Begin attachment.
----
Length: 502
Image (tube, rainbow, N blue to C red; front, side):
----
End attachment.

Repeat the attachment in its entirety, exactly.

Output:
Length: 502
Image (tube, rainbow, N blue to C red; front, side):